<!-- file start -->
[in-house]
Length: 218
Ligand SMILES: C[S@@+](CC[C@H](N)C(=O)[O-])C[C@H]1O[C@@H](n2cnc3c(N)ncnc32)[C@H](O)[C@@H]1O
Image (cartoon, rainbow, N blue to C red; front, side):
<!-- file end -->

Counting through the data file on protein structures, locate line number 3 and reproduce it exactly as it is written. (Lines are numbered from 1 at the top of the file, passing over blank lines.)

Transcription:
Ligand SMILES: C[S@@+](CC[C@H](N)C(=O)[O-])C[C@H]1O[C@@H](n2cnc3c(N)ncnc32)[C@H](O)[C@@H]1O